Tuesday, December 21, 2004

The Hebrew Hammer
Review by Sombrero Grande

It’s a little-known fact that several of the Masked Movie Snobs have a real soft spot for blaxploitation movies of the ‘70s. Bolsa de Queso is known to have a special affinity for Blacula and The Disco Godfather. Mil Peliculas and I will routinely get together for “Dolenight” where we’ll run our own blaxploitation movie marathons, usually featuring the films of Rudy Ray Moore (a.k.a. the “bad, bad Dolemite”). So when a blaxploitation parody comes along, I’m interested. Unfortunately, as is the case with The Hebrew Hammer, I’m also usually disappointed.

While there is some good material in The Hebrew Hammer, there’s also a lot that isn’t. The story and set-up are rather clever. Santa Claus has been allowing Hanukkah and Kwanzaa to encroach too much on Christmas’ seasonal dominance for Santa’s evil son Damien to stomach. Damien rubs out Santa and dons the red suit as the new St. Nick, vowing to wipe out Hanukkah once and for all. There are several steps he takes in order to accomplish this, the most clever being the distribution of black-market videocassettes of It’s a Wonderful Life to Jewish kids on the street. It’s up to Mordechai Jefferson Carver, a.k.a. The Hebrew Hammer, to stop him and make the world safe again for minority holidays.

I’m not overly knowledgeable on Jewish culture, and I couldn’t get any of my Jewish buddies to watch The Hebrew Hammer and give me their take on it, so I’m going to review this film strictly as a blaxploitation parody and comedy. As a parody of the blaxploitation genre, The Hebrew Hammer comes up short largely because it seldom remains true to its target. This ain’t “DoleSemite.” Instead, the film seems to model itself more after the likes of Undercover Brother, which is itself more an imitator of Austin Powers than blaxploitation. There’s one scene in The Hebrew Hammer that feels directly plucked from The Spy Who Shagged Me where Damien attempts to remove all the Jewish mojo-like fluid from the Jewish Atomic Clock. The lack of blaxploitation focus is also apparent when the film briefly breaks into a black and white film noir parody for no other reason than it was the easiest joke to make at that moment.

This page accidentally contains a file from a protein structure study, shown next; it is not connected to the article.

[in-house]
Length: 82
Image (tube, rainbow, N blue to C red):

As a comedy, the film also disappoints. For every funny plot point, there’re a dozen unfunny gags pertaining to the likes of penises, cat poop or phlegmy spitting. The clever premise is stretched way too thin and the film is padded more than a skinny mall Santa’s suit. Unfunny jokes like the revealing of the “new Santa” at the end of the film only underline the fact that just about everything in The Hebrew Hammer has the potential to be much better/funnier than it is. While there are a few chuckles spread throughout, The Hebrew Hammer overall doesn’t hold a candle (or even eight) to what the film might have been as a tightly knit short or parody sketch.


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